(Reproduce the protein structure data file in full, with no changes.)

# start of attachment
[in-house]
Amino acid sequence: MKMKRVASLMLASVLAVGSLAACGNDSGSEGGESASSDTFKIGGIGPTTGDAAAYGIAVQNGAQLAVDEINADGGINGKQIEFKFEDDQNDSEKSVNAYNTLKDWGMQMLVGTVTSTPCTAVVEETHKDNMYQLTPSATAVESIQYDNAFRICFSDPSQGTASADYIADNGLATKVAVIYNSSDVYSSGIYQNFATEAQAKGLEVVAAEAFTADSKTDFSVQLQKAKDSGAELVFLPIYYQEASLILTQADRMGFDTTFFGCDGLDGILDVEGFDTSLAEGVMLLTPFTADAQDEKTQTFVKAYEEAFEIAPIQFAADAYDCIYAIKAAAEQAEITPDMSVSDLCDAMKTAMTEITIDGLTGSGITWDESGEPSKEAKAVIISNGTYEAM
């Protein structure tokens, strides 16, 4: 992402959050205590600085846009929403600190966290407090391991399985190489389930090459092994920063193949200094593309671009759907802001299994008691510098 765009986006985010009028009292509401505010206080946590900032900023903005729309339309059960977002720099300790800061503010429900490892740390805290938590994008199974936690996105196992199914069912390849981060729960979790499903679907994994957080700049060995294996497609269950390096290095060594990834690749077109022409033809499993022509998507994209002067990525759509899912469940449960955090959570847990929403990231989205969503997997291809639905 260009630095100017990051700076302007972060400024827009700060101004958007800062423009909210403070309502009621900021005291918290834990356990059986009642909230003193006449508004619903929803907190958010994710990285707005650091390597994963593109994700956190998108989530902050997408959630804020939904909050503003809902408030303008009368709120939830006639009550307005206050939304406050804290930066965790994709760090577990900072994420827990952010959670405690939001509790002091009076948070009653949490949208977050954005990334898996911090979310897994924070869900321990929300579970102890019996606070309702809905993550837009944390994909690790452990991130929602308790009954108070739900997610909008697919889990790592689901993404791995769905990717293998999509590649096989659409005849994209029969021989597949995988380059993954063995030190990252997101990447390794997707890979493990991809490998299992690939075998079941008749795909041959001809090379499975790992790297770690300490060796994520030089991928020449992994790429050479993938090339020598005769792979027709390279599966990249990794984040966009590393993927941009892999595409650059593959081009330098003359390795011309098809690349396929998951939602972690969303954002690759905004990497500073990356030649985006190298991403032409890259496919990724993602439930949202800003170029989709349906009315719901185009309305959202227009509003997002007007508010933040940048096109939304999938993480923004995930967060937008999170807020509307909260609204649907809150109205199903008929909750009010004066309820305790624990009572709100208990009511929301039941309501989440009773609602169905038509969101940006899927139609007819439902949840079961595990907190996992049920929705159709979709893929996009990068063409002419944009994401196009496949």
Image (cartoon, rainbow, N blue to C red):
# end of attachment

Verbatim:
[in-house]
Amino acid sequence: MKMKRVASLMLASVLAVGSLAACGNDSGSEGGESASSDTFKIGGIGPTTGDAAAYGIAVQNGAQLAVDEINADGGINGKQIEFKFEDDQNDSEKSVNAYNTLKDWGMQMLVGTVTSTPCTAVVEETHKDNMYQLTPSATAVESIQYDNAFRICFSDPSQGTASADYIADNGLATKVAVIYNSSDVYSSGIYQNFATEAQAKGLEVVAAEAFTADSKTDFSVQLQKAKDSGAELVFLPIYYQEASLILTQADRMGFDTTFFGCDGLDGILDVEGFDTSLAEGVMLLTPFTADAQDEKTQTFVKAYEEAFEIAPIQFAADAYDCIYAIKAAAEQAEITPDMSVSDLCDAMKTAMTEITIDGLTGSGITWDESGEPSKEAKAVIISNGTYEAM
């Protein structure tokens, strides 16, 4: 992402959050205590600085846009929403600190966290407090391991399985190489389930090459092994920063193949200094593309671009759907802001299994008691510098 765009986006985010009028009292509401505010206080946590900032900023903005729309339309059960977002720099300790800061503010429900490892740390805290938590994008199974936690996105196992199914069912390849981060729960979790499903679907994994957080700049060995294996497609269950390096290095060594990834690749077109022409033809499993022509998507994209002067990525759509899912469940449960955090959570847990929403990231989205969503997997291809639905 260009630095100017990051700076302007972060400024827009700060101004958007800062423009909210403070309502009621900021005291918290834990356990059986009642909230003193006449508004619903929803907190958010994710990285707005650091390597994963593109994700956190998108989530902050997408959630804020939904909050503003809902408030303008009368709120939830006639009550307005206050939304406050804290930066965790994709760090577990900072994420827990952010959670405690939001509790002091009076948070009653949490949208977050954005990334898996911090979310897994924070869900321990929300579970102890019996606070309702809905993550837009944390994909690790452990991130929602308790009954108070739900997610909008697919889990790592689901993404791995769905990717293998999509590649096989659409005849994209029969021989597949995988380059993954063995030190990252997101990447390794997707890979493990991809490998299992690939075998079941008749795909041959001809090379499975790992790297770690300490060796994520030089991928020449992994790429050479993938090339020598005769792979027709390279599966990249990794984040966009590393993927941009892999595409650059593959081009330098003359390795011309098809690349396929998951939602972690969303954002690759905004990497500073990356030649985006190298991403032409890259496919990724993602439930949202800003170029989709349906009315719901185009309305959202227009509003997002007007508010933040940048096109939304999938993480923004995930967060937008999170807020509307909260609204649907809150109205199903008929909750009010004066309820305790624990009572709100208990009511929301039941309501989440009773609602169905038509969101940006899927139609007819439902949840079961595990907190996992049920929705159709979709893929996009990068063409002419944009994401196009496949």
Image (cartoon, rainbow, N blue to C red):